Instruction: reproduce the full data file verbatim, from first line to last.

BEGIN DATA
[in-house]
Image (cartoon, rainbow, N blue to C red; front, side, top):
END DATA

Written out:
[in-house]
Image (cartoon, rainbow, N blue to C red; front, side, top):